11-Year-Old Football Star Proves That You Can’t Keep a Tough Girl Down


Last month TakePart reported the story of Caroline Pla, an 11-year-old football all-star who was booted from her local Catholic Youth Organization league. A little-known rule, unearthed by an opposing team, found that the Philadelphia CYO still had a discriminatory regulation on its books: Girls were barred from playing football because the sport was deemed too dangerous for them.

But after a media blitz—including a massive Change.org petition started by Pla’s mother—the CYO has finally relented.

According to Reuters, this week the archdiocese issued this public statement: “At the direction of the Archbishop, the Archdiocese will allow for co-ed participation in CYO football, effective in the 2013 season.”

The striking turnaround punctuated months of infighting between the league and Pla’s family, coaches and teammates who all campaigned to get her back on the field. According to anyone who watched her play, Pla brings more than enough athletic skills to the game to intimidate her opponents.

Jim Reichwein, a former coach and supporter, told Philly.com, “Guys were initially uncomfortable when they lined up against her. Some hesitated. Those that hesitated ended up getting put on their butt," he said. “She was strong, and she played the game the right way.”

In light of her dedication to the sport she’s been playing since she was just five years old, a panel of parents, coaches and clergy were brought together by the Philadelphia Archdiocese to finally decide Pla’s fate in the CYO league—and they voted to keep her out of it.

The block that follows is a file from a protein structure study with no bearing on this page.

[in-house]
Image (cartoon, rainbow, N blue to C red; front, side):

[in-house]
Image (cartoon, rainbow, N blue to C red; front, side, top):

It wasn’t until Archbishop Chaput stepped in to personally reverse that decision that Pla finally won her reinstatement.

The girl’s mother, Seal Pla, told Reuters her daughter was ecstatic over the news. “She was jumping up and down, she was so happy,” she said. “Issues relating to how the church treats its young people are really important right now, and this is a huge, positive step forward.”

But as the junior high student explained in earlier interviews, she wasn’t simply fighting for herself. Seal Pla explained, “For Caroline, this was never about just her, but about all girls who want to play the sports they love. It was about allowing kids like Caroline the opportunity to grow physically and spiritually.”

And there are other girls who happily call the gridiron home. 9-year-old Sam “Sweet-Feet” Gordon, whose fancy on-field work can be seen in the video below, was just one of the 108,000 people who signed Pla's petition.

But there are more like her, such as Jasmine Plummer, who in 2003, was an 11-year-old that led her local team to victory in the Pop Warner Super Bowl. That year, college student Katie Hnida became the first woman to score in an NCAA Division I game when she played for the University of New Mexico. And last year, Florida’s Erin DiMeglio played backup quarterback for her high school's varsity team.

As for Caroline Pla, the entire ordeal can be chalked up to one important lesson she says will remain with her forever. She explained to Philly.com, “If there's something you don't like, you can change it.”

Well played, Caroline.

Would you let your daughter play football? Let us know in the Comments.

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A Bay Area native, Andri Antoniades previously worked as a fashion industry journalist and medical writer.  In addition to reporting the weekend news on TakePart, she volunteers as a webeditor for locally-based nonprofits and works as a freelance feature writer for TimeOutLA.com. Email Andri | @andritweets | TakePart.com